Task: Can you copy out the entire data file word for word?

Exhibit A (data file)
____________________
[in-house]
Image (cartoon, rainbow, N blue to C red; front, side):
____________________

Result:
[in-house]
Image (cartoon, rainbow, N blue to C red; front, side):